The SysAdmin, Audit, Network, Security (SANS) Institute is the most trusted and by far the largest source for information security training and certification in the world. It also develops, maintains, and makes available at no cost, the largest collection of research documents about various aspects of information security, and it operates the Internet's early warning system - Internet Storm Center. SANS is also a sponsor in the Center for Strategic & International Studies US Cyber Challenge.
+
 
+
'''IMPACT for the Non-U.S. prize'''
+
 
+
The International Multilateral Partnership Against Cyber-Threats (IMPACT) and the Department of Defense Cyber Crime Center have partnered to provide a Digital Forensic Challenge opportunity for non-U.S. entries. This opportunity will provide an international aspect to a previously U.S.-based event and allow additional insight into global methods to fight cyber crime.
+
 
+
'''2009 Winners' Circle'''
+
 
+
With the four available prizes for 2009, the official winners of the Challenger were:
+
 
+
{| class="wikitable"
+
|-
+
! Prize !! Team !! Points
+
|-
+
| DC3 Prize (U.S. Winner) || Little Bobby Tables || 1,772
+
|-
+
| SANS Prize - High School (U.S.) || pwnage || 1,309
+
|-
+
| SANS Prize - Undergraduate (U.S.) || WilmU || 1,732
+
|-
+
| IMPACT Prize (International & Overall) || DFRC || 2,014
+
|}
+
 
+
== 2010 DC3 Digital Forensics Challenge ==
+
 
+
A total of 1010 teams from 48 states and 53 countries applied to enter the 2010 DC3 Challenge. This is a 12% decrease in team applications from 1,153 teams from 49 states and 61 countries entered in 2009. Of that number of teams in 2010, 70 teams submitted solution packets back to FX for grading.  This is a 59% increase in the number of submissions returned to the DC3 Challenge from 2009 with 44 submissions returned.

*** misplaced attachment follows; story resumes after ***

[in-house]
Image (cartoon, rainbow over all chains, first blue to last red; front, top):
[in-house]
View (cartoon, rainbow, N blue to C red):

+
 
+
'''2010 Sponsors'''
+
 
+
New in 2010, several new sponsors provided additional prizes to allow for multiple winners:
+
 
+
'''SANS Institute for the U.S. High School and U.S. Undergraduate prizes'''
+
 
+
The [[SANS Institute|SysAdmin, Audit, Network, Security (SANS) Institute]] is the most trusted and by far the largest source for information security training and certification in the world. It also develops, maintains, and makes available at no cost, the largest collection of research documents about various aspects of information security, and it operates the Internet's early warning system - Internet Storm Center. SANS is also a sponsor in the Center for Strategic & International Studies US Cyber Challenge.
+
 
+
'''IMPACT for the Non-U.S. prize'''
+
 
+
The [[IMPACT|International Multilateral Partnership Against Cyber-Threats]] (IMPACT) and the Department of Defense Cyber Crime Center have partnered to provide a Digital Forensic Challenge opportunity for non-U.S. entries. This opportunity will provide an international aspect to a previously U.S.-based event and allow additional insight into global methods to fight cyber crime.
+
 
+